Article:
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PublisherThe University of Arizona.
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AbstractSalmonella enterica is a leading cause of food-borne gastrointestinal disease worldwide. A survey conducted in 2002-2003 showed that oysters may contain Salmonella and thus may also be a source of salmonellosis. Since oysters are commonly consumed raw, no amount of food safety education will prevent consumers from ingesting a possibly infectious dose from Salmonella contaminated oysters. The research in this dissertation employed a combination of traditional culture techniques as well as genomics-based molecular applications to explore Salmonella infection in oysters and the subsequent risk to consumers of raw oysters. A year-long survey of oysters served on the half-shell in local restaurants determined that overall 1.2% of oysters were contaminated with Salmonella. Oysters containing Salmonella were found in 7 of the 8 months surveyed and 7 of the 8 restaurants served contaminated oysters. Six different serovars were isolated, but one strain of S. Newport, as determined by matching pulsed field gel electrophoresis patterns, represented 43% of the positive samples. Interestingly, this is the same strain that was predominantly isolated in the earlier survey of oysters and was also resistant to at least 7 different antimicrobials. The remainder of this dissertation work was an exploration of why this particular strain is seen so often in oyster infections. A custom microarray was used to perform a transposon site hybridization (TraSH) assay to identify genes that are necessary for S. Newport survival in the oyster. In this way, a negative selection was able to determine the genes that were necessary for S. Newport to survive in oysters. A subset of the genes identified by TraSH was selected and site-directed mutagenesis was performed to knock those genes out of LAJ160311. Oysters were infected with those mutant strains to test for their ability to survive in oysters and thereby determine the role of those individual genes in pathogenesis. The conclusions of the TraSH assay were that virulence factors that are essential for survival of Salmonella in mammalian models, particularly the type three secretion systems, may not be important in the oyster model. Motility provided by flagella was identified as a major virulence factor in oyster colonization by S. Newport.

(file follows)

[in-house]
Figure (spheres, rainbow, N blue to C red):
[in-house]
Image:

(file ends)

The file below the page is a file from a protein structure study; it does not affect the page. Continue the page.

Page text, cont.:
Degree ProgramGraduate College